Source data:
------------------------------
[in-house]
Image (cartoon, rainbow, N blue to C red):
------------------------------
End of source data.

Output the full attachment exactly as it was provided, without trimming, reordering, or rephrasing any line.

[in-house]
Image (cartoon, rainbow, N blue to C red):